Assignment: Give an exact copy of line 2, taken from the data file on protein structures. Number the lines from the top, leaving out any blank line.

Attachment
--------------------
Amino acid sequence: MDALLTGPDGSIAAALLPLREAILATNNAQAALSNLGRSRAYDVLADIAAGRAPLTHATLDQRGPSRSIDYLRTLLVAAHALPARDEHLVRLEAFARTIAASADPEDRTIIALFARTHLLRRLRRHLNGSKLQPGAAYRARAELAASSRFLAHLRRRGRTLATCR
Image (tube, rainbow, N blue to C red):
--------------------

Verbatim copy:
Image (tube, rainbow, N blue to C red):